At a Saturday campaign stop in Marietta, Georgia, Republican National Committee Chair Ronna McDaniel attempted to persuade Republicans to vote in the Georgia Senate runoff elections, even as voters expressed ambivalence about expanding "money and work when it's already decided."
Incumbent Sens. David Perdue and Kelly Loeffler are facing tough reelection battles in two January runoff elections that could determine control of the US Senate.
"It's not decided. This is the key -- it's not decided," McDaniel told a fiery crowd of Republicans who turned the RNC chair's meet-and-greet session Saturday into a public airing of grievances surrounding the November 3 election.
She pointed to the certified results of the November 3 Georgia Senate race that showed Perdue leading Democratic challenger Jon Ossoff by more than 88,000 votes. In Georgia, if no candidate receives more than 50% of the vote, the two top vote-getters head to a runoff.
"So if you lose your faith and you don't vote and people walk away -- that will decide it," McDaniel said.
President Donald Trump, who announced Thursday he'd travel to Georgia next week to campaign for Loeffler and Perdue, has leveled baseless claims of widespread fraud in Georgia, calling Republican Secretary of State Brad Raffensperger, "the enemy of the people."
"Well, I told (Sens. Loeffler and Perdue) today, I think you're dealing in a very fraudulent system. I'm very worried about that," the President said during a news conference Thursday, calling both Republican senators "tremendous people."
Over the course of the 20-minute event on Saturday, McDaniel fielded questions from Republicans based on a series of false claims from Trump surrounding the certified election results in Georgia, including at least one voter who alleged voting machines changed votes cast in favor of the President.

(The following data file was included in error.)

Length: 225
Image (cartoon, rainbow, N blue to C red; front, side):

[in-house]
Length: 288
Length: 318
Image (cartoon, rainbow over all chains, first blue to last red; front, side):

"We didn't see that in the audit, so we've got to just ... That evidence we haven't seen, so we'll have to wait and see," she said.
Closing her remarks, McDaniel appealed to voters "upset with some Republicans," including Raffensperger, "to focus on the mission at hand."
"And it is Jon Ossoff and (Raphael) Warnock," McDaniel said, prompting a member of the audience to shout out, "And Donald Trump!"
"But we've got to focus on January 5th right now," McDaniel continued. "We can deal with those other things later."
Speaking with reporters after the event, the RNC chair dismissed concerns that apprehension over the legitimacy of the election might discourage the President's supporters from voting in the runoff.
"The President has said, unequivocally, that he supports Kelly Loeffler and David Perdue and he's going to come to Georgia to campaign for them," she told CNN.
"And they're going to need him here to campaign, because as you saw just in that room, the President has broad support here in Georgia and they want to see him out there on the campaign trail for these candidates, as he continues to fight his own battles and make sure that his election was fair and transparent."
Vice President Mike Pence is also expected back in Georgia -- likely next Friday, a day before Trump's trip -- a source close to the Perdue and Loeffler campaigns told CNN.
On a Small Business Saturday walking tour in Atlanta, Ossoff called Republicans' election claims a "distraction."
"So all of that nonsense and distraction, the denial about the election outcome, we need to be focused on containing the spread of this virus and rushing direct financial relief to ordinary Americans who are suffering," he said.
This story has been updated with additional reporting.
CNN — Maeve Reston and Kristen Holmes contributed to this report.